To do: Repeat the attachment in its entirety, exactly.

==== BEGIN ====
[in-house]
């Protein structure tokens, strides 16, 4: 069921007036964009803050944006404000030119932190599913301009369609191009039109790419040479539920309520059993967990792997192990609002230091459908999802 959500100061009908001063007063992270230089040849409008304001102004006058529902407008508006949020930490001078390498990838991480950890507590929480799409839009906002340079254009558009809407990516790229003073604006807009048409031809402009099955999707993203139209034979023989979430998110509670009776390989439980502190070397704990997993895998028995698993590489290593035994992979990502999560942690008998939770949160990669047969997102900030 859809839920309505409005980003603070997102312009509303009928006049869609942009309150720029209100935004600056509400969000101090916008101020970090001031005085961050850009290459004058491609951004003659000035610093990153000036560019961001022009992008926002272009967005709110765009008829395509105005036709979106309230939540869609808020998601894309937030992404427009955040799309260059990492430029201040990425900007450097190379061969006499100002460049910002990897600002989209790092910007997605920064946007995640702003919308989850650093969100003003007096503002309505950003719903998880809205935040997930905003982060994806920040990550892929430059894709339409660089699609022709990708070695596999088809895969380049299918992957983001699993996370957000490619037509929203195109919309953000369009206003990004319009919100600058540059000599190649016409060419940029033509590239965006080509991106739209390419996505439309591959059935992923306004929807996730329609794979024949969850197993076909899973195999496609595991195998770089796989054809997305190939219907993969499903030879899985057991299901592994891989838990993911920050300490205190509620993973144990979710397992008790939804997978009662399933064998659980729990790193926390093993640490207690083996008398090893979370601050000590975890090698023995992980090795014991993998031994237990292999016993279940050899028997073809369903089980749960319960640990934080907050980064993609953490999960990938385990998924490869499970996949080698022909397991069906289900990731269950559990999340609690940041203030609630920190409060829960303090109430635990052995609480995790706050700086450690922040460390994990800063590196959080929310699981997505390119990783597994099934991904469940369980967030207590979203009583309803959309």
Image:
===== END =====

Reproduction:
[in-house]
């Protein structure tokens, strides 16, 4: 069921007036964009803050944006404000030119932190599913301009369609191009039109790419040479539920309520059993967990792997192990609002230091459908999802 959500100061009908001063007063992270230089040849409008304001102004006058529902407008508006949020930490001078390498990838991480950890507590929480799409839009906002340079254009558009809407990516790229003073604006807009048409031809402009099955999707993203139209034979023989979430998110509670009776390989439980502190070397704990997993895998028995698993590489290593035994992979990502999560942690008998939770949160990669047969997102900030 859809839920309505409005980003603070997102312009509303009928006049869609942009309150720029209100935004600056509400969000101090916008101020970090001031005085961050850009290459004058491609951004003659000035610093990153000036560019961001022009992008926002272009967005709110765009008829395509105005036709979106309230939540869609808020998601894309937030992404427009955040799309260059990492430029201040990425900007450097190379061969006499100002460049910002990897600002989209790092910007997605920064946007995640702003919308989850650093969100003003007096503002309505950003719903998880809205935040997930905003982060994806920040990550892929430059894709339409660089699609022709990708070695596999088809895969380049299918992957983001699993996370957000490619037509929203195109919309953000369009206003990004319009919100600058540059000599190649016409060419940029033509590239965006080509991106739209390419996505439309591959059935992923306004929807996730329609794979024949969850197993076909899973195999496609595991195998770089796989054809997305190939219907993969499903030879899985057991299901592994891989838990993911920050300490205190509620993973144990979710397992008790939804997978009662399933064998659980729990790193926390093993640490207690083996008398090893979370601050000590975890090698023995992980090795014991993998031994237990292999016993279940050899028997073809369903089980749960319960640990934080907050980064993609953490999960990938385990998924490869499970996949080698022909397991069906289900990731269950559990999340609690940041203030609630920190409060829960303090109430635990052995609480995790706050700086450690922040460390994990800063590196959080929310699981997505390119990783597994099934991904469940369980967030207590979203009583309803959309």
Image: